About a week ago, a reader asked for help with a nasty typo squatting incident:
The site, “yotube.com”, at the time redirected to fake tech support sites. These sites typically pop up a message alerting the user of a made-up problem and offer a phone number for tech support.
Investigating the site, I found ads, all of which can be characterized as deceptive. In addition to offering tech support, some of the ads offered video players for download or even suggested that the user has to log in to the site, offering a made up login form. If a user clicks on these ads, the user is sent to a number of different redirects. For example:
For example: (URL parameters removed to make this more readable)
hxxp://inclk.com/adServe/feedclick (URL the ad linked to)
At the time, the ads were hosted at “inclk.com.” Inclk.com is a URL used by RevenueHits, an ad network.
Knowing where these ads come from, I set up an account with RevenueHits and added ads to a test page. So far, I have only gotten deceptive ads like the following:
The ads usually claim that a video player is used to view the page, or they suggest that software like a Flash player is out of date and needs to be updated. In one case, it even suggested that I need to log in to view the site and redirected me to a login page, which could be considered phishing.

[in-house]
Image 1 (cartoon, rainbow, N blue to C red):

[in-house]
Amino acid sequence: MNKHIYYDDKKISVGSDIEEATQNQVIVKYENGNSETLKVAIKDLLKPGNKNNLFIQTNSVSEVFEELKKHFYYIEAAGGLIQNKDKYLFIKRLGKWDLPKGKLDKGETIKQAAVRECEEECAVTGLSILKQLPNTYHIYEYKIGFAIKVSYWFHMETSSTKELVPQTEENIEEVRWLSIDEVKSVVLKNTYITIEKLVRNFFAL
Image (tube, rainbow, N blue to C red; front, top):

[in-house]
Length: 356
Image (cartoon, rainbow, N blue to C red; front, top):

Next, you are offered a download:
Below this dialog, a hard to read disclaimer is displayed (I left the colors "as is." Click on the image for a full-resolution version):
Virustotal identifies the resulting download as "Adware." I didn't install it, but from experience, the installer will install a valid Flash Player in addition to a bunch of adware, often in the form of browser toolbars.
Now, these ads were after all displayed on my page, and I had an account set up with RevenueHits. So I decided to inquire about the deceptive ads I received:
The moment I submitted this request, I received the following (obviously automated) response:
The ads continued to be displayed on my site. A business day later, I received a manual reply to my initial question:
I still receive exclusively deceptive ads from RevenueHits. However, at least the results are not that bad. RevenueHits would pay me $0.36 for the one "click through" it counted. I haven't set up payment details with them and have no intentions of claiming the prize ;-)Application Security: Securing Web Apps, APIs, and Microservices - SANS London June 2022
Jun 7th 2017
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Jun 7th 2017
4 years ago
My partner got one of these on his iPad which appeared to come from Apple (All the domain names in the mail were validly apple.com), but said to call the number to get his device unlocked. Unfortunately he called the number and gave them his email and Zip code before getting nervous and calling me.
His safari browser had been sent a malware page which could not be exited from. It was easy enough for me to go to settings and dump all Safari history to recover. The 866 number given was listed as a known scammer using a quick google search.
Jun 9th 2017
4 years ago